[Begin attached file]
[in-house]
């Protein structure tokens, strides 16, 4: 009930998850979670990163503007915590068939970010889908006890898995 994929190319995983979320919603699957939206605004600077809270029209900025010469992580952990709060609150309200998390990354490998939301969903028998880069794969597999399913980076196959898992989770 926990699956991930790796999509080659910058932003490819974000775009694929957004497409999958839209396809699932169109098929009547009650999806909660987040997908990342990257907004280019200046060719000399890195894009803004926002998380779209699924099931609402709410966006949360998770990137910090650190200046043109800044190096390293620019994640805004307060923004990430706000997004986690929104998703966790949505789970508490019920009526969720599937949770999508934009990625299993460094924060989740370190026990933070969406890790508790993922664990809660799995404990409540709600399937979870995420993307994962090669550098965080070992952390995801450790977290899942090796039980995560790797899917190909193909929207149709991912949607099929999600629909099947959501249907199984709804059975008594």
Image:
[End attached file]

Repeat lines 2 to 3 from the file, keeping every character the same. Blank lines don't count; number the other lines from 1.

């Protein structure tokens, strides 16, 4: 009930998850979670990163503007915590068939970010889908006890898995 994929190319995983979320919603699957939206605004600077809270029209900025010469992580952990709060609150309200998390990354490998939301969903028998880069794969597999399913980076196959898992989770 926990699956991930790796999509080659910058932003490819974000775009694929957004497409999958839209396809699932169109098929009547009650999806909660987040997908990342990257907004280019200046060719000399890195894009803004926002998380779209699924099931609402709410966006949360998770990137910090650190200046043109800044190096390293620019994640805004307060923004990430706000997004986690929104998703966790949505789970508490019920009526969720599937949770999508934009990625299993460094924060989740370190026990933070969406890790508790993922664990809660799995404990409540709600399937979870995420993307994962090669550098965080070992952390995801450790977290899942090796039980995560790797899917190909193909929207149709991912949607099929999600629909099947959501249907199984709804059975008594």
Image: